Over the course of three years, Keith interviewed a cast of Greystone visitors and workers who’ve all claimed to brush against the paranormal. He recounts a visitor who heard a disembodied female voice, a park ranger who saw faucets turn themselves on and a photographer who smelled rotting flesh in the exact spot where one of the bodies was found.
If spirits do indeed haunt Greystone’s halls, they were unsuccessful, at least at first, in driving out Lucy, who lived there until 1955.
She sold most of the estate’s land to The Paul Trousdale Corporation – developer of the Trousdale Estates – and then sold the rest and the mansion to Henry Crown, a businessman from Chicago who owned the Empire State Building, said Susan Rosen, president of the Friends of Greystone Mansion.
Crown leased the estate out to filmmakers, a legacy that continues today, but never lived there in any of the 10 years he owned it, she added
“It was vacant,” Rosen said. “He had a security guard, and some of the older Beverly Hills High School students, they’ll tell you they used to be able to go there and run through it and no one said anything. The city purchased it from Crown’s wife because she didn’t want to come west.”
By the time of the sale to the city in 1965, the property was in a sorry state, Rosen said.
“The doors didn’t close, the windows didn’t shut,” she said.
The city did significant work to clean up the mansion, which became a public park in 1971 and was added to the National Register of Historic Places in 1976. But according to Rosen, it was the Friends of Greystone, founded in 2001, that pushed the city to restore the mansion’s original character.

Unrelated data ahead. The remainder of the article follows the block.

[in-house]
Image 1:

The organization helped the city draft a master plan for restoration, and the city assembled a team to ensure the rehabilitations are done in keeping with the standards of the National Register of Historic Places, Rosen said. The restoration projects are guided by an extensive photo collection given to the Friends of Greystone, as well as architectural plans and other documents, she added.
“They’ve tried to be very faithful to the original property and the original materials,” said Cultural Heritage Commissioner Craig Corman.
Today, the mansion is a frequent site for city events and a popular choice for weddings and other private functions. It’s also a major tourist destination, and before the COVID-19 pandemic, Rosen would lead tours of the mansion, guiding visitors from across the world through a few of its 55 livable rooms, its bowling alley, its theater, its entertainment wing. Passing through the living room, she would advise visitors to look up at a gallery where musicians used to serenade people down below.
But despite all that grandeur, it was the kitchen that drew the biggest reaction, Rosen said.
“It was amazing to just stand there and watch people’s faces,” Rosen said. “Nobody could believe that back during 1927-28, that they had a complete kitchen with beautiful gas stove tops, a big range, a magic chef oven, a big refrigerator. It had one continuous long stainless-steel counter going into the kitchen. It almost looks like today.”
While the tours are still on pause, Rosen hopes they will soon resume, she said.
Few historic mansions have been restored with such a level of authenticity, making Greystone Mansion a portal into one of Southern California’s most critical periods of growth, and the lives of the people who powered it, Rosen said.
“Greystone is one of the greater L.A. architectural gems. There’s no better way for people to understand and appreciate the history than to see, touch and experience its tangible reminders firsthand,” Rosen said.
“It does exemplify the American Dream.”